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Observer roles that optimise learning in healthcare simulation education: a systematic review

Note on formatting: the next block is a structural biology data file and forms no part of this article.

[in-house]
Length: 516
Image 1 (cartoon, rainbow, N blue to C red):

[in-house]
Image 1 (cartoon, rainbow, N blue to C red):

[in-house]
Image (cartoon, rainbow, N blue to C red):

Observer roles that optimise learning in healthcare simulation education: a systematic review Background: Simulation is widely used in health professional education. The convention that learners are actively involved may limit access to this educational method. The aim of this paper is to review the evidence for learning methods that employ directed observation as an alternative to hands-on participation in scenario-based simulation training. We sought studies that included either direct comparison of the learning outcomes of observers with those of active participants or identified factors important for the engagement of observers in simulation. We systematically searched health and education databases and reviewed journals and bibliographies for studies investigating or referring to observer roles in simulation using mannequins, simulated patients or role play simulations. A quality framework was used to rate the studies. Methods: We sought studies that included either direct comparison of the learning outcomes of observers with those of active participants or identified factors important for the engagement of observers in simulation. We systematically searched health and education databases and reviewed journals and bibliographies for studies investigating or referring to observer roles in simulation using mannequins, simulated patients or role play simulations. A quality framework was used to rate the studies. Results: Nine studies met the inclusion criteria. Five studies suggest learning outcomes in observer roles are as good or better than hands-on roles in simulation. Four studies document learner satisfaction in observer roles. Five studies used a tool to guide observers. Eight studies involved observers in the debrief. Learning and satisfaction in observer roles is closely associated with observer tools, learner engagement, role clarity and contribution to the debrief. Learners that valued observer roles described them as affording an overarching view, examination of details from a distance, and meaningful feedback during the debrief. Learners who did not value observer roles described them as passive, or boring when compared to hands-on engagement in the simulation encounter. Conclusions: Learning outcomes and role satisfaction for observers is improved through learner engagement and the use of observer tools. The value that students attach to observer roles appear contingent on role clarity, use of observer tools, and inclusion of observers’ perspectives in the debrief. Keywords: Simulation, Observer, Observer role, Directed observer, Vicarious learning * Correspondence: saoregan@msn.com Sydney Clinical Skills and Simulation Centre, Royal North Shore Hospital, Level 6 Kolling Building, Reserve Rd, St Leonards, NSW 2065, Australia Full list of author information is available at the end of the article © 2016 O’Regan et al. Open Access This article is distributed under the terms of the Creative Commons Attribution 4.0 International License (http://creativecommons.org/licenses/by/4.0/), which permits unrestricted use, distribution, and reproduction in any medium, provided you give appropriate credit to the original author(s) and the source, provide a link to the Creative Commons license, and indicate if changes were made. The Creative Commons Public Domain Dedication waiver (http://creativecommons.org/publicdomain/zero/1.0/) applies to the data made available in this article, unless otherwise stated. O’Regan et al. Advances in Simulation (2016) 1:4 Page 2 of 10 Background Methods There has not been a systematic review of the factors The search was conducted over five databases (Medline, that promote learning in the observer roles in simula- Cinahl, PsycINFO, EmBase and ERIC) within a publica- tion. As more learners are allocated to observer roles tion period of 1980 – July 2015 using 45 search terms there is an imperative to ensure that learning in this role and restricted to the English language. Hand searching is optimised. This review seeks to synthesise the factors of grey literature, journal contents and reference lists that focus the observers’ learning and satisfaction in the was also undertaken. The study population included any role and provide educators with guidance to employing healthcare professional or student who participated in observer roles within their simulations. mannequin, simulated patient (actor) or role-play based Simulation is an effective healthcare teaching strategy simulations that included a specific observer role (Table 1). [1] and can improve knowledge, skills and behaviours Studies selected included either direct comparison of the when compared to traditional or no teaching [2]. Simu- learning outcomes of observers with those of active partic- lation conventionally enables learners to physically par- ipants following the simulation or identified the factors ticipate in realistic scenarios replicating real world important for the engagement of observers in simulations practice and has been reported as an effective replace- and needed to identify their outcome measures and in- ment for clinical hours for nursing students [3]. Increas- clude changes in knowledge, skills, attitudes or behaviours ing demand, cohort numbers and access limitations, of participants (Table 2) Specific exclusions included com- particularly in professional entry programs has resulted puter or virtual reality based simulations as the observer in innovative approaches for learners using simulation. role was difficult to define, and specific task or skill train- These approaches include role modelling [4, 5], peer and ing as the teaching methodology is different than case near-peer assisted learning [6–8], and alternative based scenarios. Video based learning and expert role instructional design methods whereby learners are actively directed to observe without hands-on participa- Table 1 Search terms tion [9–11]. We refer to this as the directed observer. Population Intervention Outcome When simulation is used appropriately, it improves Nurs* or Simulation or Learn* or learning outcomes [2, 12]. However, the evidence midwif* or Patient simulation or Knowledge or supporting learning by observation is less clear. Medic* or Manikin* or Skill* or This review presents evidence supporting directed ob- servation as an educational method and features of this doctor or Mannequin* or Attitude* or method that lead to positive educational outcomes. surgery or Simulated patient* or Behav* The literature is not always clear on what constitutes Allied health or Standardised patient* or observer roles. Here, observer roles are defined as two Physiotherap* or Standardized patient* or broad types. First, roles where the learner is external to Occupational therap* or Role play or the simulation. For example, the learner will be watching Dental or Actor or but not participating in the simulation, either within the simulation area or from an area removed from the simu- Dentist* or Acting or lation. Second, roles where the learner is given a role in Social work* or theatre the simulation that is not congruent with their profes- Respiratory therap* or sional one. For example, a nursing student could realis- Dietet* or AND tically be expected to perform the roles of medication Paramedic* or Observ* or nurse, bedside nurse or documentation nurse in their Aboriginal torres strait Observ* role or professional activities. However, they would not be a doctor, social worker or patient relative. In this paper, islander health or Observational learn* or we describe these roles as ‘in-scenario’ observer roles. Fur- Indigen* or Vicarious learn* or ther, observers are described as having a ‘directed obser- Inter professional or Watching ver’ role or a ‘non-directed’ role. A directed observer role Interprofessional or would include a specific instructional briefing or use of an Intra professional or observer tool. A non-directed observer watches without Intraprofessional or specific guidance or objectives. The instructional briefing or observer tool contains information for the directed Multi disciplin* or observer on specific learning objectives, behaviours or Multidisciplin* or activities to consider, points for peer feedback or a check- Multi profession* or list to measure against. These specifics would then form Multiprofession* part of the debrief. O’Regan et al. Advances in Simulation (2016) 1:4 Page 3 of 10 Table 2 Inclusion and exclusion criteria Inclusion/Exclusion Criteria Criterion Inclusion Exclusion Population Clinicians and students of any health profession Non health professionals Intervention Undergoing a mannequin or simulated patient based Computer based, skill or part-task trainers, virtual reality, or cadaveric learning experience and simulation/simulators. � Examines the role of the observer � Studies which do not explicitly examine the observer role. � Has an observer role defined as a learner within a scenario � Observers who are not participating in the learning, for example not in a clinically congruent role or observers for the purpose of research study. � Has an observer role external to scenario participant roles � Expert modelling for learning Outcome measures � A direct or indirect change in knowledge, skills, attitudes � Description of behaviours without consideration of any changes or behaviours in learner behaviour Citations Peer reviewed papers in the english language from 1980 to � Non peer reviewed publications e.g thesis or reports th October 4 2014. � Descriptive papers � Published texts or books modelling were also excluded, as there is no comparison of hands-on and observer roles (Table 2). Results Nine studies were selected from the 5469 potential papers identified using the PRISMA process [13] (Fig. 1). The studies are summarised in Table 3. The included studies used quantitative, qualitative and mixed methods. A modi- fied version of Buckley’s quality indicators, devised for assessment of quantitative, qualitative and mixed methods studies was selected as the quality assessment tool [14]. These 11 quality indicators relate to the appropriateness of study design, conduct, results analysis and conclusions and are not biased towards any particular research meth- odology (Table 4). Two reviewers (SO, EM) rated the quality of the stud- ies with an inter-rater agreement of 0.94 across 99 data points. Seven studies meeting seven or more criteria as specified by Buckley, were considered high quality stud- ies [14]. There was a wide range of quality with scores from 3 to 11 out of a possible 11. Most common prob- lems encountered were with data completeness, control for confounders, study replicability and addressing ethical issues. Two studies, Stegmann [15] and Thidemann, [16] met all 11 criteria. Two studies, Lau [17] and Stiefel, [18] met six or less criteria. Rater differences are shown in the table as two scores, with the lowest total score reported where there was a discrepancy (Table 4). To provide composite data the nine included studies were examined using categories adapted from Cook et al [2]. There were a total of 1203 participants across the nine studies with the majority of studies focusing on undergraduate students in nursing (n = 527) and medi- cine (n = 484). There was one interprofessional study in- volving practising clinicians across four disciplines [19]. Five studies used mannequin-based simulations [11, 16, Fig. 1 Search flow diagram using the PRISMA process 20–22], two employed simulated patients [15, 18], one O’Regan et al. Advances in Simulation (2016) 1:4 Page 4 of 10 Table 3 Summary of selected studies Reference Research paradigm, design & Participants Intervention Learner Observation Style Results sampling Bell, Pascucci, Fancy, Mixed methods Health professionals from Use of improvisational actors in Non-directed role: no use of No difference between observers Coleman, Zurakowski and four disciplines (n =192) difficult conversations to teach observational tool or verbal and hands on learners in: Meyer [24] communication and relational guidance reported perceived realism; usefulness of Post-simulation survey design Teaching faculty (n = 33) skills to practicing health actors; usefulness of scenarios; with qualitative and quantitative professional and, opinions on non-actor role analysis play Convenience sample Actors (SP) (n = 10) Hands on participants (47 %) Observers (53 %) Harder, Ross and Paul [25] Ethnographic stud Bachelor of Nursing Role assignment within regular Non-directed role: no use of Students preferred assignment to students year 3 (n = 84) simulation session with analysis of observer tool or verbal nursing roles rather than observer experience and perceptions of guidance reported or non nursing role learning within different role Observational design with Participant/observation All participants experienced both Structured role descriptions focused interview and journal (n = 84) interview (n = 12) roles positively affected learning review of selected participants outcomes Volunteer sample journal review (n =4) Hober and Bonnel [11] Qualitative Bachelor of Nursing “senior” Immersive simulation scenarios Directed observer role: Observer role beneficial, less students (n = 50) with students randomly assigned observer tool – educator stressful to active or observer roles provided activity guidelines Survey and interview design Observers (n = 23) All completed survey Use of a guided observer tool useful Convenience sample hands on learners (n = 27) Observers interviewed Able to reflect in action and on action Kaplan, Abraham and Gary [27] Quantitative Bachelor of Nursing “junior” Immersive simulation scenarios - Directed observer role: No difference in knowledge students (n = 92) observer tool -checklist Randomised groups Observers (n = 46) participants self selected roles Convenience sample Scenario participants Unclear whether observers self Limited as aggregated post (n = 46) selected or were assigned satisfaction survey data Post scenario knowledge test and satisfaction survey Lau, Stewart and Fielding [22] Quasi experimental Medical students (bilingual) Student role plays with Directed observer role: Observers rated post knowledge randomised to roles year 1 (n = 160) comparison of learning between observer tool -checklist higher than learners in interpreter interpreter role play and observer role-play role Convenience sample Self rated pre & post knowledge O’Regan et al. Advances in Simulation (2016) 1:4 Page 5 of 10 Table 3 Summary of selected studies (Continued) Smith, Klaassen, Zimmerman Mixed methods with Bachelor of Nursing “junior” Introduction of simulation year 1 Non-directed role: no use of No significant difference in and Cheng [26] increasing variables over three students observational tool or verbal learning outcomes, student Introduction non nursing years guidance reported perceptions or peer evaluations participatory roles year Convenience sample year 1 (n = 67) Introduction non participatory observer roles year 3 year 2 (n =72) year 3 (n =85) Note only the year 2 and 3 data were included in review Stegmann, Pilz, Siebeck and Quantitative Medical students (n = 200) Comparison of participatory role Non-directed and directed Observational learning (especially Fischer [20] and observer role in simulated observer roles compared: if supported by observer script) Crossover design 2x2x2 patient scenario with and without checklists and feedback scripts more effective than learning by pre-test post-test observation tool used doing Stiefel, Bourquin, Layat, Quantitative Medical students (masters Individual training with simulated Non-directed role: no use of Measured outcomes no difference Vadot, Bonvin and Berney level) (n = 124) patient encounter observer tool or verbal [23] guidance reported Randomised into 2 group Individual training (n = 49) Group training with simulated Those who observed but did not Group training (n = 75) patient encounter participate felt they did not meet -participated in simulation their learning objectives as well Evaluation using instructor Group training with observation (n = 14) observed (n =61) compared to the other 2 groups rating scale and student of simulated encounter questionnaire Convenience sample Thidemann and Soderhamn Quasi experimental Bachelor of Nursing student Immersive mannequin simulation Directed observer role: Post-test scores higher in all [21] year 2 (n =144) with random allocation to groups observer tool with specific task groups independent of rol focus Pre - and post-simulation Four volunteers within each More satisfaction with nurse role knowledge test and student group allocated to participatory questionnaire and in scenario observer roles – remainder observers (n = 72) Convenience sample over two consecutive years as attributed by author where available O’Regan et al. Advances in Simulation (2016) 1:4 Page 6 of 10 Table 4 Study ratings using Buckley's (modified) criteria Criteria (Yes, No, Unclear) Bell Harder Hober Kaplan Lau Smith Stegmann Stiefel Thidemann Note: rater disagreement shown as two scores Clear research question U Y Y Y U Y Y U Y Subject group appropriate for study Y Y Y Y Y Y Y Y Y Reliable and valid methods (qualitative or quantitative) used Y Y Y Y Y/U Y Y Y Y Completeness of data (drop out, questionnaire response rate >60 %, YY Y Y N N Y N Y attrition rate <50 %) Controlled for confounders or acknowledged if non RCT design N U/N N U/N U N Y U Y Statistical and other analysis methods appropriate Y Y Y Y Y Y Y Y Y Data justifies the conclusions drawn Y Y Y Y N Y Y U/N Y Study could be replicated Y/U Y Y Y U N/U Y Y Y Prospective study Y Y Y Y Y Y Y Y Y Relevant ethical issues addressed U Y Y N U Y Y U Y Triangulation of data Y Y Y Y N Y Y N Y Total Score/11 (lowest score reported) 7 10 10 9 3 8 11 5 11 an actor [19], and one study involved role-play by the valued the hands-on roles higher did not employ an ob- participant group [17] (Table 5). server tool for the observer group [18]. The observer Eight of the nine studies compared knowledge, skills, tools included performance checklists [15, 17, 22], feed- attitudes or behaviours between the hands-on role and back or observation guides [11, 15], or observer role in- the observer role [11, 15, 17, 18, 20–22]. Six studies used structional briefing [16]. All studies except Bell [23] a pre and post-test design, three of which were self- documented including observers in the post simulation assessment of improvement in knowledge and/or skills debrief or feedback. [17–19] and three studies tested knowledge [15, 16, 21]. Two studies examined knowledge in a post-test only Discussion design [22] one of which was a self-assessment [20]. We sought reported factors that contribute to the opti- Outcomes included knowledge (six), ‘non-technical skills’ misation of learning in the observer role. It is clear from (eight), technical skills (three), attitudes (two) and behav- this review that the use of observer tools to focus the iours (one). observer and role clarity are strongly associated with Four studies found no difference in outcomes between role satisfaction and learning outcomes in observer roles. the hands-on learners and the observers [11, 16, 19, 22]. This finding is supported by Bandura’s social learning Two studies reported superior outcomes in the hands- theory and Kolb’s experiential learning cycle and we on group [18, 20] and one study reported better out- propose that these form the basis of the directed obser- comes in the observer group [15]. The study that found ver role. superior outcomes for the observer group and three of One of the outstanding findings from this review is the four studies that found no difference in outcomes the association of observer tools with both satisfaction between the hands-on and observer groups [15–17, 22] and equal if not better, learning outcomes in observer incorporated an observer tool to guide the observer roles. The use of these tools may move observers from group. Neither study that demonstrated superior out- simply watching to actively observing. The activation of comes by the hands-on learners employed an observer observers allows those in that role to experience the sat- tool [18, 20]. isfaction and learning normally associated with hands- Six studies considered the perceived value of the on experience. Simulation is described by Dieckmann et hands-on learner and observer roles to the participants. al as a social practice where people interact with each Two studies reported that participants valued the hands- other in a goal orientated fashion [24]. The observer tool on roles more than the observer role [18, 20], one study provides this necessary goal orientation for observer highly valued the observer role [16] and three studies re- roles. Directed observers are focused on the learning ob- ported no difference in the value of the roles [11, 19, jectives of the simulation. 22]. Two of the three studies with no value difference in This is explained by Bandura’s social learning theory, roles [11, 22], and the study that valued the observer which proposes that virtually all learning acquired ex- role highly [16] used an observer tool. The study that perientially could also be acquired on “a vicarious basis O’Regan et al. Advances in Simulation (2016) 1:4 Page 7 of 10 Table 5 Characteristics of included studies through observation of other people’s behaviour and its consequences for them” [25]. Through observation Study Characteristics Number of Number of Studies Participants learners can build behaviours without trial and error, ex- All studies 9 1203 perience emotions by watching others and resolve fears through other’s experience. Bandura describes this as a Study participants process of attention, retention, reproduction and motiv- Medical students 3 484 ation [25]. Bethards reports on a program where “simu- Nursing students 5 527 lation experiences are designed around the observer role Practicing clinicians 1 using the four component processes of Bandura’s observa- Physician 43 tional learning construct” [26]. They postulate that this Nurse 114 provides all their learners, regardless of role, the same opportunities to achieve the learning objectives [26]. “Psychosocial clinicians” 20 Vicarious learning requires active listening, reflective Medical interpreter 14 thinking and situational engagement [27]. Nehls de- Study settings scribes this in the context of narratives; lived experiences Mannequin based simulation (high fidelity 5 527 shared for the purpose of learning [27]. The addition of simulation - HFS) “active watching” to Nehls’ definition fits well in the Simulated patient (SP) 2 324 simulation context. In a review of vicarious learning, Actor (improvisation rather than scripted SP) 1 192 Roberts concludes that vicarious learning occurs during Role play by participant group 1 160 story telling and discourse, and may require a teacher to Study design help find meaning [28]. In the context of scenario-based simulation the story is the scenario or case; active listen- Post test only (Knowledge) 1 92 ing and watching is engaged with the use of tools or Pre-test/post-test 1 group 1 157 tasks and the reflective facilitated discussion is the Pre-test/post-test 2 groups 2 344 debriefing. It seems important that for optimal learning Self-assessment pre-test and post-test 3 476 to occur, observers be engaged in all aspects including Self-assessment post-test only 1 84 the debrief. Observer role allocation Experiential learning is viewed as fundamental to simulation and clinical practice [29, 30] and the theoret- Randomised 5 643 ical foundations of simulation are commonly described Self allocation 1 84 in terms of Kolb’s experiential learning cycle [29]. Kolb Unclear 2 284 proposes a cycle of concrete experiences which on re- Outcome flection are distilled into abstract concepts that can then Knowledge 6 869 provide the basis for future actions and further testing Skills - technical 3 441 [31]. Kolb stresses that this is an unending cycle and ed- ucators need to be aware that learners have a preference Skills - non technical 8 1059 for, and may enter at different stages of the experiential Attitudes 2 134 learning cycle, but need to be moved through the entire Behaviours 1 84 process. A dangerous presumption for educators and Learning outcomes by role learners alike is that concrete experience requires hands- Participatory role better than observer 2 208 on participation. Vicarious learning theory and Kolb’s Observer role better than participatory 1 200 experiential learning cycle form the theoretical basis for directed observation. No difference 4 588 It seems that observers with the appropriate tools Satisfaction by role can benefit vicariously from the experience of the Participatory role more valued than observer 2 208 hands-on learners. Simulation is a facsimile of the Observer role more valued than participatory 1 144 clinical environment so the findings here may also No difference in value 3 334 translate to observation in similar clinical practice sit- Observational tool used 6 803 uations. This directed observer role is different to indirect workplace learning described by Le Clus, Debriefing/feedback where the emphasis is on observers seeking learning Observer led pairs 1 200 to meet their personal needs [32]. However, the con- Faculty led group debrief 7 811 cept of observer learning as a social practice aligns Feedback guide 1 200 with both [24, 32]. O’Regan et al. Advances in Simulation (2016) 1:4 Page 8 of 10 Stegmann reports better outcomes from observers pre- incongruent hand-on roles in these studies prevents paring to provide feedback than those completing a drawing any real conclusions from the data. In a re- checklist or in a hands-on role [15]. The impending ‘de- port of alarge studyfor theNationalLeague of brief ’ where observers have an expectation that they will Nurses Jefferies and Rizzola concluded that whilst be asked to contribute their opinions about the encoun- knowledge and self-confidence were unrelated to role ter may sharpen the focus of their observations. Bandura allocation, there was a perceived lack of collaboration describes this as an external motivator [25]. This ‘height- in theobserverrole and therewas aresponsibilityfor ened state’ may mean observers are more likely to en- educators to provide structure for this to occur [9]. gage in standards of practice required for the simulation While learners have assessed the value of observer (for example, measures of good communication) and roles, there has not been a published assessment of consider how the simulation participant’s performance the value placed upon observer roles in simulation by measures up to this standard. Thidemann used reporting educators or facilitators. Use of observer tools or on standards of practice in her directed observer role activities and the active involvement of observers in guidelines [16]. the post-scenario debrief could be considered an in- The learners who did not value observer roles as direct indication of the value educators place on highly as a hands-on role described observer roles as learning in observer roles. passive, or boring [20]. They were not fully engaged in It is also unclear as to whether there is a group of the learning process. Emotional engagement in simula- learners better suited to learning through observation tion is connected to the feeling of relevance of the sce- than learning through hands-on participation in the nario to the goals of the session [24]. Lack of goal simulation. Whilst most of the studies used role alloca- direction may have prevented observer engagement. It is tion, one study [20] had a portion of study participants not clear whether there is an optimal level of activation who either self allocated or worked through the case as for learning in observer roles or whether it differs be- a group without assigned roles. There was confusion tween learners. Learners that valued observer roles de- amongst the students in this study as to which roles scribed it as being less stressful and providing them the were considered to be observers; for example some stu- opportunity to see the big picture, examine details from dents viewed the documentation nurse as an observer a distance, and provide meaningful feedback to the team role while others viewed it as a hands-on role. No stud- [11]. Stress decompression, a feature of debriefing ies examined whether self-allocation to roles would re- frameworks, is necessary for reflection [30, 33]. sult in better learning outcomes. The reasons behind The ability to reflect is important in the provision of self-allocation were also not examined and may be feedback. An understanding of performance require- worthy of further study. ments and a judgement regarding the observed perform- An important area for further study includes establish- ance and its relationship to the standard is required ing educator perceived value of observational roles, and before bridging strategies can be formulated [34]. In di- the potential impact of these perceptions on simulation rected observer roles, information was provided in the education design and orientation of learners to roles form of the observer tool (e.g. checklist) defining the within the scenarios. Activation and emotional engage- standards and/or objectives for the learners. The di- ment in the observer role has also not been explored, rected observers were able to use these tools to observe, and provides future research potential. reflect upon and formulate their peer feedback for the debrief. Limitations In-scenario observers, that is non-clinical or other This review examines one small area of observational professional roles within the scenario, reported that learning within scenario-based simulation. Skills train- lack of scripts or clear direction detracted from the ing, which is often taught in groups was not included. act of observation because of anxiety regarding role Also excluded were non peer-reviewed reports, including performance requirements [20]. These aspects of role a major study of more than 400 nurses [9]. This report fidelity have been identified as a barrier to student did however inform the discussion. We also narrowly satisfaction with role play [35]. The other studies that defined simulation modalities excluding virtual reality used non-clinical or other non-congruent professional simulations where there is even more blurring of bound- roles viewed these learners as hands-on participants aries between hands-on participants and observer roles. and did not include specific findings for these in- In some studies it was unclear how the authors defined scenario observer roles [17, 20, 21]. Thidemann com- the in-scenario roles. Reporting of observer roles was in mented that the nursing roles in their scenarios were some cases a secondary finding. Lack of clarity may have the most preferred roles [16]. The lack of clarity in biased findings. The small number of included papers the separation between professionally congruent and also limits the conclusions. O’Regan et al. Advances in Simulation (2016) 1:4 Page 9 of 10 Conclusion 5. LeFlore JL, Anderson M. 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A critical review of simulation-based medical education research: 2003-2009. Med Educ. 2010; (see study limitations). 44(1):50–63. 13. Moher D, Liberati A, Tetzlaff J, Altman D. Preferred reporting Items for Competing interests systematic reviews and meta-analyses: the PRISMA statement. PLoS Med. Stephanie O’Regan declares she has no competing financial or other 2009;6(6):e1000097. interests. 14. Buckley S, Coleman J, Davison I, Khan KS, Zamora J, Malick S, et al. The Elizabeth Molloy declares she has no competing financial or other interests educational effects of portfolios on undergraduate student learning: A Best Leonie Watterson declares she has no competing financial or other interests Evidence Medical Education (BEME) systematic review. BEME Guide No. 11. Debra Nestel is the Editor in Chief of Advances in Simulation. She has no Med Teach. 2009;31(4):302. other competing interests. 15. Stegmann K, Pilz F, Siebeck M, Fischer F. Vicarious learning during simulations: is it more effective than hands-on training? Med Educ. 2012; 46(10):1001–8. Authors’ contributions 16. Thidemann IJ, Soderhamn O. High-fidelity simulation among bachelor SO conceived the study, drafted the study design, search protocol, students in simulation groups and use of different roles. Nurs Educ Today. conducted the search, selected the included studies, participated in the 2013;33(12):1599–604. study ratings and drafted the manuscript. EM refined the study design and 17. Lau KC, Stewart SM, Fielding R. Preliminary evaluation of "interpreter" role search protocol, participated in the study rating, helped draft the manuscript plays in teaching communication skills to medical undergraduates. Med and contributed to the background literature. LW helped draft the manuscript Educ. 2001;35(3):217–21. and contributed to the background literature. DN refined the study design and 18. Stiefel F, Bourquin C, Layat C, Vadot S, Bonvin R, Berney A. Medical students' search protocol, helped draft the manuscript and contributed to the skills and needs for training in breaking bad news. J Cancer Educ. 2013; background literature. All authors read an approved the final manuscript. 28(1):187–91. 19. Bell SK, Pascucci R, Fancy K, Coleman K, Zurakowski D, Meyer EC. The Acknowledgements educational value of improvisational actors to teach communication and There are no other acknowledgments to be made for this manuscript. The relational skills: perspectives of interprofessional learners, faculty, and actors. authors received no external funding for the data collection or preparation Patient Educ Counsel. 2014;96(3):381–8. of this manuscript. 20. Harder N, Ross CJM, Paul P. Student perspective of role assignment in high- fidelity simulation: an ethnographic study. Clin Sim Nurs. 2013;9(9):e329–e34. Author details 21. Smith KV, Klaassen J, Zimmerman C, Cheng AL. The evolution of a high- Sydney Clinical Skills and Simulation Centre, Royal North Shore Hospital, fidelity patient simulation learning experience to teach legal and ethical Level 6 Kolling Building, Reserve Rd, St Leonards, NSW 2065, Australia. issues. J Prof Nurs. 2013;29(3):168–73. Health Professions Education and Educational Research (HealthPEER), 22. Kaplan BG, Abraham C, Gary R. Effects of participation vs. observation of a Faculty of Medicine, Nursing and Health Sciences, Monash University, simulation experience on testing outcomes: implications for logistical Building 13C, Office G09, Clayton Campus, Victoria 3800, Australia. planning for a school of nursing. Int J Nurs Educ Scholarship. 2012;9(1) doi:10.1515/1548-923X.2398. Received: 30 July 2015 Accepted: 18 December 2015 23. Sanders A, Bellefeuille P, van Schaik S. Emotional impact of active versus observational roles during simulation learning. Sim Healthcare; 2013;8(6) p. 589. 24. Dieckmann P, Gaba D, Rall M. 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Observer roles that optimise learning in healthcare simulation education: a systematic review